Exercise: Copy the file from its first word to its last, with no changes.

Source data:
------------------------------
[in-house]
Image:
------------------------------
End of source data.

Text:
[in-house]
Image: